Volunteering for a non-profit organization you support is fulfilling, which is why a job offer from that same organization can be especially enticing. Unfortunately, a volunteer position isn't a perfect reflection of what employment would look like. Here are a few factors to consider before deciding whether making the jump from a volunteer to a paid employee is right for you.
Making a difference in the world is important, but if the organization can't offer a high enough salary to support you and your family, you need to think twice. If the offer is too low, remember that you can negotiate pay just like you would for any other job. Another option is to ask for part-time hours, which gives you leeway to seek more lucrative employment opportunities at the same time. If hours and pay are non-negotiable, you may want to maintain your part-time volunteer position and seek employment elsewhere.
Are You Ready to Bump Up Your Hours?
Volunteering at a non-profit once a week and working there full-time are two very different ballgames. Before making the switch from volunteer position to paid job, ask yourself whether increasing your hours would leave you feeling motivated or burned out. For example, if you find yourself asking for more volunteer hours, taking on various roles, and skipping out on other obligations to make time to volunteer, taking the job might be the right move. If you're unsure, try to volunteer at least five or 10 hours a week to gauge whether you are still enjoying your time.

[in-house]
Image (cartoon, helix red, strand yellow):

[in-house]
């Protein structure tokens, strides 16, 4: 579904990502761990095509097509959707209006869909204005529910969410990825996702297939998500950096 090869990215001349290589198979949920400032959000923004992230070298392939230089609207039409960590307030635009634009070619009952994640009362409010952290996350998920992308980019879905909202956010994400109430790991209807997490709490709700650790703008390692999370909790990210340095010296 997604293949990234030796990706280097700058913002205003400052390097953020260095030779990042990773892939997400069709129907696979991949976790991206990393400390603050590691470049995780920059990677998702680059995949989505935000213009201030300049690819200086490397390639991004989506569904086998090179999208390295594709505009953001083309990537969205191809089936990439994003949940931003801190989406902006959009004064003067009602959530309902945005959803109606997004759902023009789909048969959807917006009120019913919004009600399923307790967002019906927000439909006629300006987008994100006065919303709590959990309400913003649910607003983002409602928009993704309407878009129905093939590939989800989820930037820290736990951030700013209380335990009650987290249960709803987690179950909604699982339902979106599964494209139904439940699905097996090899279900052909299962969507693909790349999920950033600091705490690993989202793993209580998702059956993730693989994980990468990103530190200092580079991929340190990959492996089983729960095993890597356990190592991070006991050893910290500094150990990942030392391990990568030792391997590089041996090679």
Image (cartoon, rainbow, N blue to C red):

Preparing for the Ugly Side of the Job
In a volunteer position, you often only see the fun side of running a non-profit organization. Employees have to deal with less appealing responsibilities, such as making calls to ask for donations, recruiting volunteers, and making tough decisions due to a tight budget. When you take on the role of an employee, you must be ready for the good and the bad.
Does Your Experience Fit the Position?
Volunteers get the chance to experiment with various roles within the organization, even areas for which they may not have training. However, as an employee, you need to excel in your realm of responsibility. For instance, if you volunteer at a soup kitchen and choose to apply for an administrative position, you should have enough administrative experience to complete every task with a high level of expertise. Otherwise, you risk bogging down your organization rather than building it up.
Giving up your volunteer position to become a paid employee can be exciting and fulfilling. However, taking time to weigh the pros and cons is essential if you want to make the right decision for your future. Would you consider leaving your volunteer position for a paid one? Share your thoughts in the comments.
Photo courtesy of IndypendenZ at FreeDigitalPhotos.net